Jin was a successful engineer working on Motorola’s cellular technology at a time when Motorola was one of the world’s top wireless companies (and a substantial supplier to the Pentagon). Investigations revealed that after eight years with Motorola, Jin had in 2006 taken medical leave, gone to China, and in violation of the terms of her Motorola employment, pursued a job with Sun Kaisens, a Chinese telecom company that does work for the Chinese military. In 2007, she returned to Chicago and resumed work briefly for Motorola, during which time she was seen leaving the office with shopping bags full of documents in the evenings. Born in China, Jin had gone to the US where she received a master’s degree in physics from Notre Dame, and obtained US citizenship.

In 2012, she was sentenced to four years in prison and a fine of $20,000. At the trial, the judge said: “The most important thing this country can do is protect its trade secrets.”

It is a good idea for them to protect our national security from possible spyware, and so far the Chinese do not have a good track record.


"Before we start throwing any more stones at the Chinese"
Nah... the Chinese deserve the stones they are getting!!
 

RFI-EMI-GUY

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About Money??..Yes it is, but not in the way your getting at. Companies have lost millions because of the Chinese from stolen IP, technologies.

Hell, they steal from the littlest of companies, that do not have the big money like Motorola and others have.


The Chinese have never played well with the rest of the world, from stealing licensed technologies, to spyware... it does not end.
I agree Moto is surely happy of the news. Especially after settling there lawsuit with Hytera.
Probably won't impact them a whole lot as the Feds do not use a lot of Hytera for critical comms anyway.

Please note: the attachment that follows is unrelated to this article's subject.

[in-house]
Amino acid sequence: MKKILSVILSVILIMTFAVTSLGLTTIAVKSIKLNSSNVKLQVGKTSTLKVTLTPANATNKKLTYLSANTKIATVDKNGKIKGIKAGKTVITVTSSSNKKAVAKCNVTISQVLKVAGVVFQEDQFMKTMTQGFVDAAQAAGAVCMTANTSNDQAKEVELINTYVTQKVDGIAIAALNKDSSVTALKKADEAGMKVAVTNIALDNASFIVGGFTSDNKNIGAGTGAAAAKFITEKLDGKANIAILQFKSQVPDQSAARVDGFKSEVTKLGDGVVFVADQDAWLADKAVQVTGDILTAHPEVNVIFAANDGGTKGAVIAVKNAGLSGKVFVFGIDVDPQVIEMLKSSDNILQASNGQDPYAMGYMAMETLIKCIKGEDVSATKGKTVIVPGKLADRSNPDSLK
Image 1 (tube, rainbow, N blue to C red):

Huawei has a long track record in intellectual property theft. In 2004 Cisco Systems, the market leader in routers, took Huawei to court for stealing its core router software code and using it in Huawei routers. The case was settled confidentially. More recently, when Huawei public statements claimed that the 2004 case did not involve stolen Cisco code, Cisco in 2012 replied by describing the essence of their original complaint this way: “this litigation involved allegations by Cisco of direct, verbatim copying of our source code, to say nothing of our command line interface, our help screens, our copyrighted manuals and other elements of our products.” Routers are the core hardware technology at the heart of the Internet. Huawei routers, widely used in China and Europe, have played a key role in Huawei’s growth into a $95 billion global telecom equipment giant.

On February 28, 2007, a Motorola engineer named Hanjuan Jin was stopped by customs agents at O’Hare Airport. They searched her and found she had $30,000 in cash, a carry-on bag full of Motorola documents marked “confidential and proprietary,” and a one-way ticket for Beijing. She was arrested.

Jin was a successful engineer working on Motorola’s cellular technology at a time when Motorola was one of the world’s top wireless companies (and a substantial supplier to the Pentagon). Investigations revealed that after eight years with Motorola, Jin had in 2006 taken medical leave, gone to China, and in violation of the terms of her Motorola employment, pursued a job with Sun Kaisens, a Chinese telecom company that does work for the Chinese military. In 2007, she returned to Chicago and resumed work briefly for Motorola, during which time she was seen leaving the office with shopping bags full of documents in the evenings. Born in China, Jin had gone to the US where she received a master’s degree in physics from Notre Dame, and obtained US citizenship.

In 2012, she was sentenced to four years in prison and a fine of $20,000. At the trial, the judge said: “The most important thing this country can do is protect its trade secrets.”

It is a good idea for them to protect our national security from possible spyware, and so far the Chinese do not have a good track record.


"Before we start throwing any more stones at the Chinese"
Nah... the Chinese deserve the stones they are getting!!